A new UK initiative will collate the largest DNA database of samples from children born with cleft lip and palate in an attempt to determine the underlying causes of these relatively common birth defects.
Cleft lip and palate affect around 1,200 babies born in the UK each year, and one in every 500-700 globally. Besides their disfiguring effect, without surgical correction they also cause problems with feeding and speech and may lead to significant problems with the ears and teeth.
These congenital abnormalities arise early in embryonic development, and are believed to be the result of a combination of genetic and environmental factors that remain poorly understood.
Now, researchers in the Cleft Collective programme are hoping to recruit 3,000 babies to analyse not only potential causes, but also the outcomes of treatments available in the UK and family experiences of supporting children born with the conditions.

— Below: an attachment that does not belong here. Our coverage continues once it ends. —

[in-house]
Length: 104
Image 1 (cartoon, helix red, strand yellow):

Comment: Even in the UK, where corrective surgery and supportive health services are available to children born with cleft lip or palate are widely available, these birth defects are a significant burden. In countries with fewer healthcare resources, their impact can have a devastating effect on the health and future wellbeing of affected children and their families.
The PHG Foundation’s newly updated free Toolkit for Congenital Disorders, part of the Born Healthy programme, includes extensive information on orofacial clefts intended to help experts in such countries assess health needs and plan solutions (see previous news).